What are your names and where are you from?

RJ Tolan: God.

Graeme Gillis: Where in the world or what company?

What company, or where in the world, whichever one.

GG: I’m Graeme Gillis, wait is this for your notes or…

No, no that’s an actual question.

GG: Oh, this is going out live. I’m Graeme Gillis this is RJ Tolan and we are from Ensemble Studio Theatre and Youngbloods Playwrights.

RT: Did you just put an “s” on Youngbloods?

GG: I know, like people do when they don’t know who we are? That’s how I can always tell when someone emails us and they don’t know the company, and they say, “I want to get involved with Youngbloods!” I want to get involved with “The Youngbloods,” which makes us sound like an a cappella group.

RT: So I don’t know who this is sitting next to me, but this is not Graeme Gillis this is some kind of weird imposter. Who found himself out.

GG: The first question was “What was your name and where are you from?”

RT: It took us ten minutes.

GG: And already it’s gotten abusive.

RT: We’re also wildly off the subject.

When I transcribe this, it’s going to be very…

RT: Just edit it.

GG: You’re going to edit it right?

No.

RT: No?! It’s going to be unexacerbated.

GG: Fantastic. It’s more interesting!

RT: Good, great.

GG: It’s a miracle that this writers group has had any success.

(RT laughs)

What have you been working on since you’ve been at SPACE?

RT: I am actually working on a book that I am co-writing with my mother. So, I’m also doing some writing, but mostly some Youngblood stuff.

GG: Yeah, and prior to Youngblood’s arrival I was up here for ten days with the Ensemble Studio Theatre, or as referred to only at Ryder Farm, “EST: Mothership.“

Is that? Wait, that is what it’s called?!

RT: No!

GG: No, it’s actually a slang that RJ sometimes has employed to differentiate it from Youngblood. So at one point-

RT: Youngblood is a program of EST.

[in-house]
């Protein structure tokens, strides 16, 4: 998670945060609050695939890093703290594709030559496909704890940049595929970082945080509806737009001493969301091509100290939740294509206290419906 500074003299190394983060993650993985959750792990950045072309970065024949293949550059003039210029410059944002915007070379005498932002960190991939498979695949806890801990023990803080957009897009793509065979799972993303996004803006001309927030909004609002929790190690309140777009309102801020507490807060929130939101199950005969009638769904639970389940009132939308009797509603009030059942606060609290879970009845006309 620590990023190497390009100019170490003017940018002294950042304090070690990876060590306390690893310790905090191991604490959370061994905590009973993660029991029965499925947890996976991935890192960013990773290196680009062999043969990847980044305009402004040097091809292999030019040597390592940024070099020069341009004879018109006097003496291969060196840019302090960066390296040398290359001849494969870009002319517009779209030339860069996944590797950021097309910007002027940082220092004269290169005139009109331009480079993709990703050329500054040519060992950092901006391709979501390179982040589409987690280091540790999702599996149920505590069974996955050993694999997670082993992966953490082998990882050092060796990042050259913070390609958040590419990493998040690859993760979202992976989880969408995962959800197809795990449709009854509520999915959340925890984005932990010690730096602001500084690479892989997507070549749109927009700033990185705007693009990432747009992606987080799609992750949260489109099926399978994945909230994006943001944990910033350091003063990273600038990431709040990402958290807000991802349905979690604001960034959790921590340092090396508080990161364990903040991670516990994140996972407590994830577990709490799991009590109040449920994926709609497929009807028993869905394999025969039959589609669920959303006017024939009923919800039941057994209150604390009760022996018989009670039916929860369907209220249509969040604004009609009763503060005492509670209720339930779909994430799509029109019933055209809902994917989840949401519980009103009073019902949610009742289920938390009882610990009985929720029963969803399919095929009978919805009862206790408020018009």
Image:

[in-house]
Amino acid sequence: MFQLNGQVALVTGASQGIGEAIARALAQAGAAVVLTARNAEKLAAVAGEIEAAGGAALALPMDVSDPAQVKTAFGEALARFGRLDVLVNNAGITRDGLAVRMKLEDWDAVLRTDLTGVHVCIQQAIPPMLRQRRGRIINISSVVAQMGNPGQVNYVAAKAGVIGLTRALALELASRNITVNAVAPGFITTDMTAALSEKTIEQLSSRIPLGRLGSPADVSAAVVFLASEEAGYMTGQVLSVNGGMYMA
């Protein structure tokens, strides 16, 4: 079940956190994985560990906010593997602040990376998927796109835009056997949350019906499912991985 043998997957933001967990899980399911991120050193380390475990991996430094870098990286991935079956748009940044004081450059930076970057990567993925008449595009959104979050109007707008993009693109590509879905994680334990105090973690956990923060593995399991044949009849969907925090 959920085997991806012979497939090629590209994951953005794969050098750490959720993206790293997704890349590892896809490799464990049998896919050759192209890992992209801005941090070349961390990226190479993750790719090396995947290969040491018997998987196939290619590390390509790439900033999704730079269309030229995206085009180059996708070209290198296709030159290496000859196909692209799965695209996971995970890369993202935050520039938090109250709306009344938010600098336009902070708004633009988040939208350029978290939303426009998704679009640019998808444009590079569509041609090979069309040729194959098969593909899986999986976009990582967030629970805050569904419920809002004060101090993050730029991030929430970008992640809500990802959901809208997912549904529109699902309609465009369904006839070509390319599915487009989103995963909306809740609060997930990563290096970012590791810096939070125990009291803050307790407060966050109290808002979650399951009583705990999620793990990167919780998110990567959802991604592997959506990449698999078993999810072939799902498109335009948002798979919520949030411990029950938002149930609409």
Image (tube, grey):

GG: So it’s called EST: Youngblood, but sometimes we internally and very colloquially call it “The Mothership.”

RT: Yeah, so this will be Youngblood and then that will be “The Mothership.” I think we said that to Emily (Executive Director of SPACE) one too many times so it’s actually in the brochure as “EST: Mothership.”

No, there is a calendar on Emily’s desk, like this week is this person, and on it, it says, “EST: Mothership.”

GG: I actually really like the idea of “EST: Mothership” because in my mind it’s this city sized hovercraft above 52nd street and 11th Avenue and it’s occasionally beaming up Billy Carden and his beaming up and down from it.

RT: I feel like it’s Jefferson airplane turning into Jefferson starship. “EST: Mothership”! Now, they’re (SPACE) going to release that we built this city.

GG: I was here with EST, with “The Mothership” working on plays for the EST member company, and the EST Sloan Project which is another program I run with “The Mothership.”

What’s that?

GG: It’s a collaboration with the Sloan foundation and it gives commissions and development grants for plays about science, technology, and economics. That’s why there was a “sciency” drift for many of the plays we were working on for the first two-thirds of our time here.

What’s coming up next for you, your company of your project?

GG: Next for EST is we’re bringing back our play that we did in June, Cori Thomas’ When January Feels Like Summer, which we did with a group, called Page 73. It was as well received as you’d hope a play would be. It’s a lovely play, so we’re going to bring it back in-